After his world record 2:01:09 run in the Berlin marathon on September 25, the world’s greatest ever male marathoner, Eliud Kipchoge, made a curious observation: “We went too fast, actually it takes energy from the muscles.”
Despite running an average speed of nearly 21km/h – and running the fastest race marathon in history – Kipchoge was saying he’d made an error in his pacing. Meaning that, had he nailed his pacing from the start, he may have had the energy left at the end of the race to run under 2:01:00.
One of the reasons marathon world records have seen such big improvements over the last few decades is because of improvements in race pacing. In the past, marathons were run using a “positive split” strategy, meaning that runners would start fast and gradually slow down in the second half of the race.
Nowadays, most professional marathon runners know it’s better to use even pacing (running the same pace through the whole race) or negative splitting (running very slightly faster in the second half of the marathon). Getting pacing right is extremely important and can even mean the difference between placing on the podium or not at all.
While the average person setting out to run a marathon probably isn’t thinking about smashing a world record, knowing how to properly pace yourself could help you smash a personal best during your next race.
Setting a strategy
When it comes to the best pacing strategy for a marathon, the science is clear – and it may actually be the opposite of what you’d assume.
Starting out too fast is a problem because it burns through your body’s readily available fuel reserves. This means you run out of energy quickly and have little left to use late in the race when you need it most.
This is why runners that are more experienced and faster start their race at a more sustainable pace. By starting slower, it reduces the chances of feeling exhausted and “hitting the wall” in the later stages of the marathon. This may mean that you have a bit of energy in those crucial last miles to push for the finish.
Get a personal best
It’s very easy to run too fast in the early stages. This is where a pace plan can help. Before the race, use your training times (or even times from past races) to get a rough idea of what sort of pace you can maintain. A GPS device or smartwatch may also be helpful in tracking this during the marathon or in practising it in training.
Your pace should feel easy at the start. If you can hold a full conversation in those first few miles, your pace is probably good for you. Try also not to get too carried away with the experienced runners or too excited by the crowds at the beginning of the race.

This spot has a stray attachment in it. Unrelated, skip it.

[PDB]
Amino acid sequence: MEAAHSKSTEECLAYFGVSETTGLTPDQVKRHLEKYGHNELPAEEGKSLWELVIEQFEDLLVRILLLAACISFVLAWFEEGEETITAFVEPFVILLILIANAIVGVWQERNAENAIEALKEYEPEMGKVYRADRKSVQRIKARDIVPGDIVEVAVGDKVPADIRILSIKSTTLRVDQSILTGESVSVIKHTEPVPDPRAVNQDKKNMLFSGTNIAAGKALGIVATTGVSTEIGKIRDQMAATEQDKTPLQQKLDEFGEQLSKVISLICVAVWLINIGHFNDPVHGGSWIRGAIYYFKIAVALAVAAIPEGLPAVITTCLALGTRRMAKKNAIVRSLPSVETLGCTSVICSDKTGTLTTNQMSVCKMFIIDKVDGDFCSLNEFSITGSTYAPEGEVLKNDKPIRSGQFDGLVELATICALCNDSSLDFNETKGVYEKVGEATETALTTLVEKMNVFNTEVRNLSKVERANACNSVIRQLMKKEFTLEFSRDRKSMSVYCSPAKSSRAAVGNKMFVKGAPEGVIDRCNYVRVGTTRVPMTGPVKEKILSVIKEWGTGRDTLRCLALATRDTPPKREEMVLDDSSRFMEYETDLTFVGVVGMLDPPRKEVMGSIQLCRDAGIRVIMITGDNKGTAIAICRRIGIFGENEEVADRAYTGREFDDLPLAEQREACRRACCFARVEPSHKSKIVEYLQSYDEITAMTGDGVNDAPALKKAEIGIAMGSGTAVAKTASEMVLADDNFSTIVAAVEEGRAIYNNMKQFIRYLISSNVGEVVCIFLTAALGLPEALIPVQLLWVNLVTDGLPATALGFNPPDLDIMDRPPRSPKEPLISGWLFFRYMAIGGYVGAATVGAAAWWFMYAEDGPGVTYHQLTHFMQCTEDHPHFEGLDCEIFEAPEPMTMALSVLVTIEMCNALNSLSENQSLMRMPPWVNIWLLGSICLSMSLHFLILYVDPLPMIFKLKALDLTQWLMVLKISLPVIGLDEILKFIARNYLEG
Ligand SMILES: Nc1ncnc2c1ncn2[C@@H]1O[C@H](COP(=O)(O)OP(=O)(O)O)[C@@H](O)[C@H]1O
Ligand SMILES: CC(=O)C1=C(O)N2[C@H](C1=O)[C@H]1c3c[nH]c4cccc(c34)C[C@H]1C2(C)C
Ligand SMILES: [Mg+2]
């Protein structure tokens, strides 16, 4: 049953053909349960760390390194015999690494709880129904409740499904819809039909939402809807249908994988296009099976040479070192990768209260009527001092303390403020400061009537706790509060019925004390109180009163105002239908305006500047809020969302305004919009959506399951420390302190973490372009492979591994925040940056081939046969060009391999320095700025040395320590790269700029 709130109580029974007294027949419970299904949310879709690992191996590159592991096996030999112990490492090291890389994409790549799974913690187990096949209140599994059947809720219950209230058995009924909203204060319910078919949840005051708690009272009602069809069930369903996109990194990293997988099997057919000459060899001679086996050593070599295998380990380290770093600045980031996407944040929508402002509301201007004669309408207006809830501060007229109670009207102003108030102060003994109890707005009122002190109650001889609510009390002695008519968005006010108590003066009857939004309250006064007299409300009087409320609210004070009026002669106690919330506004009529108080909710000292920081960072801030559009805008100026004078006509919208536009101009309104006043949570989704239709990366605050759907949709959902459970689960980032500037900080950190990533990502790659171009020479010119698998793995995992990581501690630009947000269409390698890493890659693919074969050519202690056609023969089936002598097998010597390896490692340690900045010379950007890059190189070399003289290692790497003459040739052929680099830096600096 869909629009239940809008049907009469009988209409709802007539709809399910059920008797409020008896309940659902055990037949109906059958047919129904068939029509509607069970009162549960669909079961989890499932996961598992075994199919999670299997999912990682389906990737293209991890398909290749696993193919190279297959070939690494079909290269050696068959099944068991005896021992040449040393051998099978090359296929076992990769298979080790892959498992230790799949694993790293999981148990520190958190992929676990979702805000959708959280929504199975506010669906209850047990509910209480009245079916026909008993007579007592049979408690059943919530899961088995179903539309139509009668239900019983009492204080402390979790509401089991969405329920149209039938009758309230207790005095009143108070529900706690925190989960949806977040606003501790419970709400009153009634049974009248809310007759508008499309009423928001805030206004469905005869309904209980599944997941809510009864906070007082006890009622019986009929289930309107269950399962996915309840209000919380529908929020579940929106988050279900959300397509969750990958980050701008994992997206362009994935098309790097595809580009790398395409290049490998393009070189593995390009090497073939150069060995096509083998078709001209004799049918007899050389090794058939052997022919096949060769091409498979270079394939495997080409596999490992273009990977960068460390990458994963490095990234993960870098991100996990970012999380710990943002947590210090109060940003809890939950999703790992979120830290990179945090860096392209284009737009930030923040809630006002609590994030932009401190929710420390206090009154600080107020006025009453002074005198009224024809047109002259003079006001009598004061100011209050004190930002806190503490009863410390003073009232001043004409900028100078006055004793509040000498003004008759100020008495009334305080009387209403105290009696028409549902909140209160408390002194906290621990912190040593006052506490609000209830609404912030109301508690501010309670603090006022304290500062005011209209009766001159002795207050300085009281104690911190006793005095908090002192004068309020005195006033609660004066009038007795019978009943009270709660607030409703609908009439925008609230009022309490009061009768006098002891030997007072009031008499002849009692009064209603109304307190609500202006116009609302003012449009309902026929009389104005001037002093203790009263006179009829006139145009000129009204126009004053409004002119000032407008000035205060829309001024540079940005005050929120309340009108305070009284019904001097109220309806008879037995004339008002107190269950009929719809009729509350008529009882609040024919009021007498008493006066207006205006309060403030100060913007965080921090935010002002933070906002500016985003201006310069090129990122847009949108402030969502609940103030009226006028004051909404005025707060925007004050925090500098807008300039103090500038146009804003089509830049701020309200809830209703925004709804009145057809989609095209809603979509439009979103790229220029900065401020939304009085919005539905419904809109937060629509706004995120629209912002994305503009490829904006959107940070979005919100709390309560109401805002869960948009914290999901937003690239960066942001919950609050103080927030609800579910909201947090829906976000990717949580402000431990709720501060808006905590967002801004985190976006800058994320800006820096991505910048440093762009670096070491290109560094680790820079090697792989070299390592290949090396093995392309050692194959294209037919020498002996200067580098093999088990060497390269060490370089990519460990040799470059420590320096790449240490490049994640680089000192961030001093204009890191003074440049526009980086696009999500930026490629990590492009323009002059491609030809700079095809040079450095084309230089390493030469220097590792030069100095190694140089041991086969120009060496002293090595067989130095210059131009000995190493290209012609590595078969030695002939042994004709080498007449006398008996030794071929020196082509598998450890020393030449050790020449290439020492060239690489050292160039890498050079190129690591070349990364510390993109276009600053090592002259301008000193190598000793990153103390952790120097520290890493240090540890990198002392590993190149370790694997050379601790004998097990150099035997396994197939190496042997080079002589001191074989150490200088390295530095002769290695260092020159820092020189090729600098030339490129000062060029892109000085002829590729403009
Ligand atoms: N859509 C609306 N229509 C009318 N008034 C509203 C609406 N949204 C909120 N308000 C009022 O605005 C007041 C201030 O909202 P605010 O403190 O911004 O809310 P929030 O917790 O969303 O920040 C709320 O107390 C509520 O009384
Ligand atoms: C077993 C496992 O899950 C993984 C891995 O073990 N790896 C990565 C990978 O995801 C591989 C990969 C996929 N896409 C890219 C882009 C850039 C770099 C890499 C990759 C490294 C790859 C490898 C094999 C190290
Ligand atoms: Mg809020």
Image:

Stay calm and try to avoid being overconfident or taking big, unplanned pacing risks, as both have been linked to significant late race slowing. Being aware of your pace is most important in the early part of the race, so once you get to 20 miles you should focus on just finishing as best you can.
Importantly, you should adjust your goals and pacing depending on the weather. In particular, run slow early in the race in hot conditions as late race slowing is often intensified due to the effects of heat on the body’s circulatory system.
The right diet can also be important for helping you keep a good pace throughout the race. Using sports drinks, energy gels or other high-carbohydrate snacks may help reduce the effects of fatigue and slowing in the later stages of the race.
Try to eat small amounts of carbs often throughout the race. However, it’s important to practice this strategy during training to see how your body responds, and know how much you need to refuel during the race.
Pacing can be just as much mental as it is physical. The majority of runners report using positive self-talk as a strategy during a marathon. This may include repeating positive phrases or words in your head throughout the race. Positive self-talk may also be important in reducing slowing and helping you stay motivated in the later stages of your run.
Pacing a marathon is very hard – even the pros don’t always do it perfectly. But if you want to nail your race and smash a personal best then even pacing is the key. Start slower than you feel you should, hold yourself back and reap the rewards by speeding through the final miles.
Jonathan Melville owns Breakaway Coaching and Analytics.
Dan Gordon and Matthew Slater do not work for, consult, own shares in or receive funding from any company or organisation that would benefit from this article, and have disclosed no relevant affiliations beyond their academic appointment.